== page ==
GOP Presidential Hopefuls Call for Ending Energy Subsidies

Published September 9, 2015

With less than six months remaining until the Iowa caucuses, presidential hopefuls are revealing their positions on one of the biggest energy issues in the state: the Renewable Fuel Standard (RFS).

RFS requires refiners to blend certain amounts of renewables into fuel, and Iowa ethanol producers benefit from the mandate.

GOP candidates are split on the issue. At the Iowa Ag Summit in March, Sen. Ted Cruz (R-TX) announced his opposition to RFS, telling voters the government shouldn’t be “picking winners and losers” through its energy policy.

Former Hewlett-Packard CEO Carly Fiorina has also come out against RFS, saying “government shouldn’t be in the business of subsidizing anything,” because it distorts markets. She notes the RFS, though not a subsidy, is just another, “example of government using its power to move markets in a particular way.”

Some candidates have praised RFS but also have said is shouldn’t be permanent. Former Gov. Jeb Bush (R) told an Iowa crowd the standard had “worked, for sure … [but] at some point we’ll see a reduction of the RFS need because ethanol will be such a valuable part of the energy piece of our country.”

Louisiana Gov. Bobby Jindal (R) said ethanol “has played a great role in making us more energy-independent,” but he says it should be phased out.

Wisconsin Gov. Scott Walker (R), who previously supported biofuel mandates, recently signaled his support for phasing out the mandate over two years.

New Jersey Gov. Chris Christie (R) and former Arkansas Gov. Mike Huckabee (R) support the ethanol mandates.

Nicolas Loris, a fellow for The Heritage Foundation, says the RFS mandate is a prime example of how overreaching government intrudes on the free market.

“[RFS] tests the principles of the candidates because this is a policy that is Exhibit A for picking winners and losers,” Loris said, noting RFS raises energy and food prices.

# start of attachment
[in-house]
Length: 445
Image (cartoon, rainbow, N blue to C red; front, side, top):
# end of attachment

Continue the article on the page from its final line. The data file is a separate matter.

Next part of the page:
“It’s important for candidates to take a stand and say this policy isn’t working,” said Loris. 

Ending Government Favoritism

Loris says the next president should have three main objectives in energy policy: opening access, ending government favoritism, and reducing the regulatory burden.

RFS gets outsized attention because of Iowa’s first-in-the-nation caucuses, says Loris.

“… [T]here are so many policies that distort energy prices in an adverse way.” Loris said, “Whether it’s targeted tax credits like the wind production tax credit, the Renewable Fuel Standard, or the Jones Act, which hurts the shipping industry, eliminating favoritism that concentrates the benefits to a select few should be a priority.”

Policies that promote or reject government favoritism are likely to be an important part of the 2016 presidential election. When Hillary Clinton announced her energy agenda in July, she called for extending renewable energy tax incentives. Also in July, Bush made headlines when a video at a campaign event captured him saying he wanted to end all subsidies for the energy industry, a move that would phase out tax credits for the wind, solar, and oil and gas industries.

Loris says government subsidies do long-term harm.

“These policies do much more harm in the long run to these technologies than actually help them, because it creates this dependence on the government, preferential treatment, and it doesn’t allow them to recognize their true price point at which they can become economically viable,” Loris said.

Talking About Regulatory Issues

As the election draws closer and debates over energy issues continue, Loris says candidates should not allow themselves to be pigeonholed as either pro-business or pro-environment.

“I think too often politicians will say it’s a tradeoff between economic growth and environmental protection, and those two are not mutually exclusive,” said Loris. “Policies that promote free markets and economic growth do a much better job of cleaning up the environment and protecting it. So, it’s not about wiping out regulations, it’s [about] ensuring we have regulations that are done smartly and devolved down to a state and local level, because those are the people who care and want to protect their own backyards.”

Ann N. Purvis, J.D. ([email protected]) writes from Dallas.